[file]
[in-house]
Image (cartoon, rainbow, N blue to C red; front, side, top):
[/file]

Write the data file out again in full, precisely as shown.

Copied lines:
[in-house]
Image (cartoon, rainbow, N blue to C red; front, side, top):